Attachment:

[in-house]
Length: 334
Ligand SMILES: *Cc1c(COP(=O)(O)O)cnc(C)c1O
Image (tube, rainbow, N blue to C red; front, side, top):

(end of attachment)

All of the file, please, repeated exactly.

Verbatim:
[in-house]
Length: 334
Ligand SMILES: *Cc1c(COP(=O)(O)O)cnc(C)c1O
Image (tube, rainbow, N blue to C red; front, side, top):